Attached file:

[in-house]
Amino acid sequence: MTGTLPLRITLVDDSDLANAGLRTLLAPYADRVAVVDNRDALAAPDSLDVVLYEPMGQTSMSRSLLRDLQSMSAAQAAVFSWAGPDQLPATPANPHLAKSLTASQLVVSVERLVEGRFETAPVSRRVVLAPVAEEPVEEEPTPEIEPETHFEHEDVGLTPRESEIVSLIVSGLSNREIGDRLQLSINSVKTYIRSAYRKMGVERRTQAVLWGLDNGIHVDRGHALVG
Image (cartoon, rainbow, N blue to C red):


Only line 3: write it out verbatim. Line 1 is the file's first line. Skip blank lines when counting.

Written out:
Image (cartoon, rainbow, N blue to C red):